The electoral reforms approved in late 2007 only strengthened the parties even more. The new rules gave exclusive access to the radio and TV airwaves for promotional purposes. Advocacy groups and individuals cannot buy airtime to promote public policy issues because that could be interpreted as an attack on a registered party.
Even if independents like de Anda could register, her ability to promote her candidacy would be limited. And the parties, which receive all radio and TV airtime free of charge, have another advantage: money. The eight parties will split more than 3.5 billion pesos in public funding this year.Still, de Anda finds no issue with having strong, well-funded political parties; she only objects to the current electoral rules, which she says violate Article 35 of the Constitution."
Parties are fundamental pillars of our democracy, but they should be the vehicle for citizen participation," de Anda said.
NOT THE FIRST
Article 35 states that all citizens have the right to vote and to "be elected." But aspiring independent candidates have been frozen out of the political process in recent years - even though such candidates were common in the first half of the last century.
Discount pharmaceutical baron Víctor González Torres, better known as Dr. Simi, launched an unregistered independent candidacy in early 2006 after the Federal Electoral Tribunal, or Trife, denied him the presidential nomination of the party then known as Alternativa. (It is now called the Social Democratic Party, or PSD.) Even with his vast personal resources, Dr. Simi failed to make much of an impact; it's unknown how many people wrote his name on the ballot.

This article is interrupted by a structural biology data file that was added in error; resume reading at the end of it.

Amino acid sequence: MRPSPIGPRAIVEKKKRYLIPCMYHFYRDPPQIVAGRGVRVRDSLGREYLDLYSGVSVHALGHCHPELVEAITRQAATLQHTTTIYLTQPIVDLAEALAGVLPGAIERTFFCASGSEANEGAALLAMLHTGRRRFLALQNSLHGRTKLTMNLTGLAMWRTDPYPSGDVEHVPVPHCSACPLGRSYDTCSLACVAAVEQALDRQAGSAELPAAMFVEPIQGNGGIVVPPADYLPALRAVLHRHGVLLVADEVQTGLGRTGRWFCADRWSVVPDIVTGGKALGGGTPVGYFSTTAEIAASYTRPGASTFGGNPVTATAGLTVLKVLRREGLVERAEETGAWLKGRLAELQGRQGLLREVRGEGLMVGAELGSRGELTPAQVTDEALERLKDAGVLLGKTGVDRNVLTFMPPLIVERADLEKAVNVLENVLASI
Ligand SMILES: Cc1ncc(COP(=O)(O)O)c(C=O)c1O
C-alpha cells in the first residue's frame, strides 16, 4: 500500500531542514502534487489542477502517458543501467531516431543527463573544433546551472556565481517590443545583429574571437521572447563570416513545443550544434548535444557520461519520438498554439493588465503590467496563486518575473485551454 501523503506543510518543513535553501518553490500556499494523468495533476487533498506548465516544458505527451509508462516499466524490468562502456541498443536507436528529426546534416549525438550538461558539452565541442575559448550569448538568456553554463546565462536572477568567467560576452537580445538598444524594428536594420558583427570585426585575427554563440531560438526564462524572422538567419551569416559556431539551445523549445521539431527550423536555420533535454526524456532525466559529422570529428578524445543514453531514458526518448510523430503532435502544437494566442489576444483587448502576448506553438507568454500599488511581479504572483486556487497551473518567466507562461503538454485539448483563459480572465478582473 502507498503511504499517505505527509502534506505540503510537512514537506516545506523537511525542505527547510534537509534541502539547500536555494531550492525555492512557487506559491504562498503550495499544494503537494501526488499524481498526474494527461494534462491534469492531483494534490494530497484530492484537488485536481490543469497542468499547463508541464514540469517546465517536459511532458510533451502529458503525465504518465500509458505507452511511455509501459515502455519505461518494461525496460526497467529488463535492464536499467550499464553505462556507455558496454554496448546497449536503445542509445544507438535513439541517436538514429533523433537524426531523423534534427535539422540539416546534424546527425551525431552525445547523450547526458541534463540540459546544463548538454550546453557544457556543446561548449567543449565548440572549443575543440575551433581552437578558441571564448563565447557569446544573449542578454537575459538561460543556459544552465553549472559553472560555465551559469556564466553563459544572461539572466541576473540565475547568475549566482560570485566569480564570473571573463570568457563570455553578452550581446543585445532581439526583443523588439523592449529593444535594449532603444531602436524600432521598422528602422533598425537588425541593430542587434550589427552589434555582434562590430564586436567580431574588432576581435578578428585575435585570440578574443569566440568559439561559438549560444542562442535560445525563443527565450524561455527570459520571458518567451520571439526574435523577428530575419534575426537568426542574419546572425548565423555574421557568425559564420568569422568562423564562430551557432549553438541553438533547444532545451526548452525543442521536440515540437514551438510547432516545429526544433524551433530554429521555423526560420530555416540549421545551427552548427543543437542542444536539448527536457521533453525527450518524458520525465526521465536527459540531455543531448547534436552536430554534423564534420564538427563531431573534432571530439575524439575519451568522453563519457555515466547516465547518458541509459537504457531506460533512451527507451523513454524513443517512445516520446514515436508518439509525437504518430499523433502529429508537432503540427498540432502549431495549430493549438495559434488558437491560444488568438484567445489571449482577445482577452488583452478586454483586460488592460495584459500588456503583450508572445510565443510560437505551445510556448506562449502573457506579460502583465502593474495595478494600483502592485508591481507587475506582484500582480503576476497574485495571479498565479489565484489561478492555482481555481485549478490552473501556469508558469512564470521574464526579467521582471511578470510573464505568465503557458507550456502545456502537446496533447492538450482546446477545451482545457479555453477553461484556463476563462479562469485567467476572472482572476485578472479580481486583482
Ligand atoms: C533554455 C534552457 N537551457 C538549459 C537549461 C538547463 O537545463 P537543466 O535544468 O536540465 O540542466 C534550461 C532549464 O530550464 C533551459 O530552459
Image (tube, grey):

More prominently, former Foreign Relations Secretary Jorge Castañeda attempted to run as an independent candidate in the 2006 presidential election. The IFE denied his request in 2004, so he petitioned the Supreme Court for an injunction known as an "amparo" against parts of the electoral code. The Supreme Court ruled against him, saying, in part, that it lacked jurisdiction to rule on the matter.
Castañeda ended up without his desired candidacy in 2006, but he took his case to the Inter-American Court of Human Rights, which is based in Costa Rica. The court ruled last summer that his rights had been violated, but, according to a Foreign Relations Secretariat press release, the court also said that the 2007 electoral reforms had rectified some of his initial grievances.
Still, the court asked that some laws be modified to clarify jurisdictional issues on the subject of independent candidacies and that Castañeda receive compensation for his legal expenses. No laws have been modified since the ruling, and Castañeda told reporters in January that he was still awaiting compensation.
De Anda says that she has not been in contact with Castañeda and has found some faults with his legal strategy of pursuing an amparo. Instead, she has taken her case to the Trife, which acts as a final referee in political and electoral matters."
For the first time, the electoral tribunal is going to have to rule if the [electoral code] is violating a constitutional or human right, than any of us can be voted for," she said.
Analysts differ on de Anda's prospects for success. ITAM's Weldon has his doubts because the Constitution also gives rights to political parties and the nature of the tribunal, which only adjudicates electoral and political matters and interprets the electoral code. "They're really not supposed to make major constitutional decisions," Weldon said.